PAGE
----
8 things that made the 2016 election weird this week

abstract art of the white house

Democracy has never felt so strange.

On Monday, the 2016 election really begins. Iowans will head to public schools and libraries around the state to caucus for the first official tally of the presidential primary season. 

The fact that a reality TV star is dominating the Republican race heading into Iowa is so strange, it’s caused pundits’ talking heads to spin for months. But that doesn’t even scratch the surface of baffling things about this race. Here are the eight things that made the 2016 election weird this week.

1. Baked beans

Iowa is such a frost-blasted, post-apocalyptic cornscape that even Mike “I Heart” Huckabee was reduced to making music video parodies of pop songs to express the deep existential despair that comes from spending weeks of your life in the state only to end up trailing a guy who has appeared on WWE professional wrestling multiple times by 27 points.

Sadly, Huckabee’s video, a play on Adele‘s ‘Hello,’ was taken down by a copyright claim from EMI, so you’ll just have to take it on faith that it was, in every imaginable way, something nobody asked for. In honor of this important moment in the history of American democracy, please change your Twitter avatar to this screenshot taken from the video when it was still up.

2. Militiaman challenges Chris Christie to sumo wrestling match

Back in the heady days of earlier this week, it looked as if the standoff at a remote Oregon wildlife sanctuary between an anti-government militia and—you guessed it—the U.S. government would go on indefinitely, punctuated only by care packages full of dildos and hot takes scolding people for sending care packages full of dildos.

The whole situation was ridiculous and funny. Until it stopped being ridiculous and funny and started being scary and tragic when one of the militia members was killed in a shootout with police and the remaining members openly fantasized on a livestream about murdering government employees.

It is in that context that America must now process the free-floating belligerence of one of the militia members, who challenged New Jersey Gov. Chris Christie to a sumo wrestling match. 

Prepare to feel super awkward for laughing.

3. Pop quiz, hotshot: What is a caucus? 

You don’t know how a caucus works. Nobody knows how a caucus works. It’s a mystery wrapped in an enigma wrapped an ethanol subsidy. Here’s everything you need to know about how the Iowa caucuses work. Feel free to turn it into a drinking game. Or just keep drinking nonstop until President Donald Trump is declared Emperor of the United States and Protector of Mexico.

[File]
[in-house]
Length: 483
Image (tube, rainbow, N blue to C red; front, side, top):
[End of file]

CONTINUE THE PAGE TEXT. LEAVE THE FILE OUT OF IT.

4. Ben Carson, mumblecore icon

Ben Carson is a character in a Wes Anderson movie wherein a famed brain surgeon mounts a charmingly incompetent, quixotic campaign to become president of the United States with the help of his chief campaign adviser, a matching set of vintage luggage. During a crucial scene, Carson, played by a delightfully deadpan Danny Glover, practices reciting the preamble to the Constitution in the bathroom mirror while “Strangers” by the Kinks plays in the background. Cut to the debate, Glover’s face dead center of the frame, and he bungles it.

5. Rand Paul Is Thirsty To Debate Bernie Sanders

Lately, Sen. Rand Paul (R-Ky.) has been pretty into challenging Sen. Bernie Sanders (I-Vt.) to a debate, where they will get a little high and then agree on everything from gun control to NSA spying. It will be just like Thanksgiving, where everyone decides ahead of time not to talk about money or abortion.

At the very least, Paul can give Sanders advice about how to cut your own hair and make it look not weird.

6. A preview of how the Trump administration will approach the delicate art of diplomacy

Trump got angry at Fox News because Megyn Kelly had the temerity to ask him actual questions during previous debate, so he demanded Kelly be removed from moderator lineup. Fox News refused, and Trump reverted to a tactic that’s made him a very successful politician: reminding voters of the dire threat posed by brown people.

Billionaire Saudi Prince Al-Waleed bin Talal swooped in with a solid own.

Trump responded by calling Talal “dopey.” Congratulations, Talal, you’ve entered an exclusive club of the 110 individuals Tump as publicly insulted since launching his camping seven months ago.

7. Martin O’Malley’s base in Iowa is undocumented immigrants

Fusion talked to nine undocumented immigrants in Iowa, and six of them support the former Maryland governor. Targeting people legally prohibited from voting, but who are still human beings whose rights are undeniably worth protecting because generosity directed toward those from whom we can reap direct recompense is the highest form of altruism, is a bold strategy. Let’s see if it pays off.

8. Barnie Sandlers talks the talk

Barnie Sandlers is the only candidate who will ensure that the top 1 percent of memes will no longer greedily hoard 99 percent of the dankness.

Feel the Barn, America. Feel the Barn.

Correction: The article originally implied the militiaman who challenged Christie to a sumo wrestling match was from Oregon. He actually hails from Idaho. As one Oregonian reader wrote in, “none of the major players of the standoff are from or [are] living in Oregon, and we never wanted them here.”

Illustration by Max Fleishman

Aaron Sankin

Aaron Sankin

Aaron Sankin is a former Senior Staff Writer at the Daily Dot who covered the intersection of politics, technology, online privacy, Twitter bots, and the role of dank memes in popular culture. He lives in Seattle, Washington. He joined the Center for Investigative Reporting in 2016.